'Live your dreams' top chef advises Tullamore Fusion project students

Thursday, 26 July 2018

'Live your dreams' top chef advises Tullamore Fusion project students thumbnail

YOUNG people graduating from the Fusion Youth Diversion Project in Tullamore have been advised to "live their dreams" by one of Ireland's up and coming chefs.
Patrick Walsh, originally from Tullamore, speaking by video link at the Fusion annual graduation ceremony last week, gave a brief inspiring talk to the students of the project from which he graduated some years ago.
Mr Walsh is a chef at one of Dublin's most prestigious restaurants, Chapter One, and previously worked with celebrity chef Nevin Maguire in his Co. Cavan eatery.
Guest of honour at the presentation evening was the Chief Justice of Ireland, Mr Justice Frank Clarke and he was joined by the Circuit Court Judge Keenan Johnson and District Court Justice Catherine Straines.
Echoing Patrick Walsh's earlier comments, Judge Clarke outlined his own progress to the position of Chief Justice having come for a working class Dublin background and lost his father at the tender age of 11.
“I was lucky but you make your own luck to an extent," the Chief Justice stressed.
Prior to the presentation ceremony on Wednesday evening in the Tullamore Court Hotel the Chief Justice visited the Fusion projects offices in Tullamore where he viewed at first hand some of the students work.
He also visited the Acorn Project offices in Edenderry earlier that afternoon, a similar diversion project for young people in north Offaly.
Both Fusion and Acorn are Garda Siochana Youth Diversion Projects which have achieved considerable success since their inception.
Garda Inspector Kieran Keyes said the relatively low numbers of young people coming before the District court in Tullamore was due, in part, to the work of the projects.
Speaking at the outset of Wednesday evening's presentation ceremony, Inspector Keyes, who acted as Master of Ceremonies, extended a warm welcome and said the presence of such "distinguished members of the judiciary was an indication of the support Fusion has been receiving."
Inspector Keyes, who is Chairman of both Youth Diversion Projects, said the schemes were managed by a voluntary committee composed of local solicitors, including Offaly State Solicitor, John Hughes, Garda members, Probation Officers, Juvenile Liasion Officers and representatives of the Health Servcie Executive.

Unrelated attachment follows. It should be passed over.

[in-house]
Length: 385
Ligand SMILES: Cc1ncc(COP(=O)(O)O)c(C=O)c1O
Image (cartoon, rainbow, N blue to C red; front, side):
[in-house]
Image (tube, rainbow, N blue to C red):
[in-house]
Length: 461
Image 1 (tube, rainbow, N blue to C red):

“They give of their free time for the betterment of these young people,' stressed the Inspector.
He added: "I have no doubt the acid test of how successful these projects are is that the number of young people coming before the District Court is very low in co. Offaly."
Gada Emma McKeever, who is based in the Youth Diversion and Crime Prevention Unit in Harcourt St in Dublin, said the primary purpose of the schemes was to keep young people involved in anti-social behaviour away from the criminal justice system.
Directly addressing the young Fusion and Acorn graduates, Deaglan O Brian, Principal Officer of the Equality Division at the Department of Justice, said many of them may "have taken a long and winding road' to arrive at their present destination. He stressed every young person deserved a second chance in life.
Mr O Briain revealed his Department is involved in 105 projects similar to Fusion across the State which cater for some 4,000 participants.
Describing the nature of the schemes' work as challenging, Mr O Briain said there was a moral obligation on the State to provide such services to young people.
Aoife Buggy, Fusion co-ordinator, outlined the project had been in existence for ten years and a total of 150 students had participated during that time.
An overview of the work of the Acorn Project in Edenderry was given by its co-ordinator, Kevin Farrell while former and current students from both areas also spoke of their experiences.
Following brief addresses by Judge Staines and Judge Johnson the student graduates were presented with their certificates by Mr Justice Clarke.


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